Zack Snyder stylishly re-creates the ancient Battle of Thermopylae

300

on March 09, 2007 by Annlee Ellingson
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In his second outing behind the camera of a feature film, Zack Snyder ( Dawn of the Dead ) once again infuses previously produced material — here, Frank Miller's graphic novel 300 — with a visual style that injects new energy into the sword-and-sandals epic. Set in 480 B.C., the plot centers on the historic Battle of Thermopylae, in which 300 Spartan soldiers go up against a Persian army of hundreds of thousands.

Events are set in motion upon the arrival of a messenger, dark-skinned with violet eyes, who warns King Leonidas (a commanding Gerard Butler) that Xerxes, the self-proclaimed God-King of Persia (Rodrigo Santoro, transformed into a giant with a Dark Vader voice), is marching toward Sparta with a massive army of a thousand conquered nations. Corrupt priests and politicians refuse to declare war, so Leonidas and 300 of his “personal body guards” — stripped down to the bare essentials of capes, helmets and weaponry, their buff physiques their only body armor — head north with a plan to use the geography of Greece herself to defend their land from foreign invaders. Along the rocky coast of the Aegean Sea, there is a narrow corridor called the Hot Gates through which the Persians will have to pass. There, against an at-times heavy-metal soundtrack, the nimble Spartan army has a strategic advantage over their enemy.

Meanwhile, in parallel storyline that was not part of Miller's original plot, sassy Queen Gorgo (Lena Headey) — “Only Spartan women give birth to real men,” she says when the messenger questions why a woman is allowed to speak — uses her feminine wiles to convince the skeptical council to send troops to back up her husband.

It's a relatively simple story about three days on the battlefield, and the waves of attacks—which escalate from hand-to-hand combat to cavalry to exotic African animals to the “magic” of explosives—even when juxtaposed with the political machinations taking place back on the home front, can grow wearying.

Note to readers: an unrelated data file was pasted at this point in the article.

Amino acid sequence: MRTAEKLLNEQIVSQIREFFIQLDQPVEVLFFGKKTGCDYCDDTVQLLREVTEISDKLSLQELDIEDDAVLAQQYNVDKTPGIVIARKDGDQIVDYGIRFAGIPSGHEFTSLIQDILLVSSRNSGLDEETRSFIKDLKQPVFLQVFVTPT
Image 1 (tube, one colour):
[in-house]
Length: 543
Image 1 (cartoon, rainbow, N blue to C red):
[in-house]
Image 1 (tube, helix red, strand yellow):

Thematically complicated, the Sparta of 300 is a society that, in order to defend freedom, must be ruthless with the weak. At birth, babies who are deemed small or sickly or misshapen are discarded. Freedom is worth dying for but, it seems, only deserved by the strong and the beautiful. This attitude proves the undoing of Leonidas and his men, when a grotesquely deformed would-be soldier is rejected by the king, rightfully so (he can't raise his shield high enough to protect the man next to him), but betrays the Spartans.

Still, these are compelling characters, trained from boyhood to experience nothing but pain to become warriors who never retreat, never surrender, and whose greatest honor is to die a “beautiful death” on the battlefield, even when they know victory is impossible. And their stand, the film argues, protects what later proves to be the cradle of Western civilization.

Moreover, there's poetry and humor in the lines and their delivery, many taken directly from Miller's text. (Too many: In a bid to capture the quality of the author's prose, Snyder has employed a voiceover that serves as little more than redundant summary.) In one of the more thrilling exchanges in the film, an enemy combatant threatens, “Our arrows will blot out the sun.” “Then we will fight in the shade,” comes the reply. Then, summoned before Xerxes during a lull in the fighting, Leonidas, his mouth full of apple says, “There's no reason we can't be civil,” as his men finish off the dying bodies littering the battlefield.

Like Sin City, Robert Rodriguez's virtually literal adaptation of another Miller work, 300 was shot almost entirely against bluescreen in an attempt to capture the graphic visual style of the comic book, although not as literally. Red still accents the picture, but, whereas stark black and white with occasional splashes of crimson characterized the previous film, here the filmmakers have manipulated the color balance to jack up the contrast ratio and run the digital intermediate through a silvery bleach bypass. Coupled with aesthetic shot construction in every single frame, whether inspired by the comic book or not, the picture achieves a heightened, painterly quality in its imagery. Also artistic is the fight choreography, where assured control of slow motion and other speed effects achieve a balletic rhythm in battle. Distributor: Warner Bros.
Cast: Gerard Butler, Lena Headey, David Wenham and Dominic West
Director: Zack Snyder
Screenwriters: Zack Snyder & Kurt Johnstad and Michael B. Gordon
Producers: Gianni Nunnari, Mark Canton, Bernie Goldmann and Jeffrey Silver
Genre: War drama
Rating: R for graphic battle sequences throughout, some sexuality and nudity
Running time: 117 min.
Release date: March 9, 2007

Tags: Gerard Butler, Lena Headey, David Wenham and Dominic West Director: Zack Snyder Screenwriters: Zack Snyder & Kurt Johnstad and Michael B. Gordon Producers: Gianni Nunnari, Mark Canton, Bernie Goldmann, Jeffrey Silver Genre, War drama, Warner Bros.
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